And what happens if you run something that's embarrassingly parallel and you need all the juice you can get from your cores. With hybrids you have to rely on the OS to decide when it will utilize everything and when not which in some heavy loads could cost you performance wise.
The OS doesn't decide how many threads the application spawns. Is there a hybrid system you're aware of where the OS will refuse to schedule N threads across N cores due to the cores not all being the same type?
The only such example I'm aware of is Intel's recently-launched Meteor Lake laptop chips that include an extra two low-power E cores on a separate chiplet from the rest of the CPU cores, running at half the performance of the regular E cores and with no L3 cache, so whether they're used or not only makes a few percent difference to embarrassingly parallel workloads.
I didn’t say that the OS refuses to utilize cores. But I’ve seen examples of embarrassingly parallel tasks that utilize 80% of the cpu to run faster on CPUs with only performance cores when compares to hybrids with the same number of threads. There might be some other reason for that, but my gut feeling is to stick with all performance designs.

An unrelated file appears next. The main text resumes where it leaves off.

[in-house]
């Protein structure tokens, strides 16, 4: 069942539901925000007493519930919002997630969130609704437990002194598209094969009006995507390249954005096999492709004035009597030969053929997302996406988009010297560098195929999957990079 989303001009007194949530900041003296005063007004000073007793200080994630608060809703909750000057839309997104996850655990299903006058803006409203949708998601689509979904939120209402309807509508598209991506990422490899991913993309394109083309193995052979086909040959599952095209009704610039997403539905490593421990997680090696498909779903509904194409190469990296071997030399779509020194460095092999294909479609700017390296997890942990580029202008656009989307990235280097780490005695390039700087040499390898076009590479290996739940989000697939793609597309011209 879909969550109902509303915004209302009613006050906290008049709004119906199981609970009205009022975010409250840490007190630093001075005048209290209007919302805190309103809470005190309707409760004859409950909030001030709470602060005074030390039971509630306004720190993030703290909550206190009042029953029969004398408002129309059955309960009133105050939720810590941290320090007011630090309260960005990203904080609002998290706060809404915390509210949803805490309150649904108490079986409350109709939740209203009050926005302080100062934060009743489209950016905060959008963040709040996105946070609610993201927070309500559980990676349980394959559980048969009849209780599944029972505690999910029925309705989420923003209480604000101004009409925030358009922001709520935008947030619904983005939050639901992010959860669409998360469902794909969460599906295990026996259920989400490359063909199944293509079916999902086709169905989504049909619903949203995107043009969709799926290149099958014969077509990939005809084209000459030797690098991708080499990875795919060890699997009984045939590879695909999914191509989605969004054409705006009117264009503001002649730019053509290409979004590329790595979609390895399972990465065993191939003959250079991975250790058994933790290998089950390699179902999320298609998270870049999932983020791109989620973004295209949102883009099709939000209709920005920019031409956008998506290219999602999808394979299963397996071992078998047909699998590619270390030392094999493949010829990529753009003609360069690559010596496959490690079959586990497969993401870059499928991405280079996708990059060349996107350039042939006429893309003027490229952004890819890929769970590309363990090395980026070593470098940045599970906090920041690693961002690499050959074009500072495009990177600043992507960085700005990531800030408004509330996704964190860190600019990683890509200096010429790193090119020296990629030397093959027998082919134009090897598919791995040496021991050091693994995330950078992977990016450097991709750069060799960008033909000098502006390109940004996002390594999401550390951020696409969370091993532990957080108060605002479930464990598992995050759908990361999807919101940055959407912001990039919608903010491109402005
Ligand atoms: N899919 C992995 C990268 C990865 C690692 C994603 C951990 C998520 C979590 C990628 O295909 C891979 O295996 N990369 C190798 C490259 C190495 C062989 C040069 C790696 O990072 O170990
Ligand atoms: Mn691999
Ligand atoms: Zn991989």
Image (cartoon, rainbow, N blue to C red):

> I’ve seen examples of embarrassingly parallel tasks that utilize 80% of the cpu to run faster on CPUs with only performance cores when compares to hybrids with the same number of threads
The "same number of threads" bit is throwing me off. A hybrid config will generally have more CPU cores allowing it to handle more threads for a chip of the same size, so testing with a fixed thread count can only tell you that the performance of each small core is less than the performance of a large core. But maybe the examples you have in mind are complicated by SMT/HyperThreading (which Intel has on P cores but not E cores, while AMD has it on both)?
> The 'big' cores can only perform at their peak frequency, power draw and IPC when not in a high multicore workload.
This is really not true. With a decent motherboard and sufficient cooling, you can force the big cores to stay virtually locked at peak clock speeds. Der8auer does it for a Ryzen 8000 APU here just as an example: https://youtu.be/VNYx72Elgss?t=335